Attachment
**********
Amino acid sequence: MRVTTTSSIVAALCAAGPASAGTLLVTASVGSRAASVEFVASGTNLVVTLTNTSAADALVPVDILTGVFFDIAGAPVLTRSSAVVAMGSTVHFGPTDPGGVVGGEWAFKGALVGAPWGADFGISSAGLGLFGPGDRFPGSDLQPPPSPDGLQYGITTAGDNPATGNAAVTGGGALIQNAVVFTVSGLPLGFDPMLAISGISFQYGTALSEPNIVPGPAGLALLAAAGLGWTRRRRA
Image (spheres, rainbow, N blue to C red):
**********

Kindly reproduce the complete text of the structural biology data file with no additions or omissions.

Amino acid sequence: MRVTTTSSIVAALCAAGPASAGTLLVTASVGSRAASVEFVASGTNLVVTLTNTSAADALVPVDILTGVFFDIAGAPVLTRSSAVVAMGSTVHFGPTDPGGVVGGEWAFKGALVGAPWGADFGISSAGLGLFGPGDRFPGSDLQPPPSPDGLQYGITTAGDNPATGNAAVTGGGALIQNAVVFTVSGLPLGFDPMLAISGISFQYGTALSEPNIVPGPAGLALLAAAGLGWTRRRRA
Image (spheres, rainbow, N blue to C red):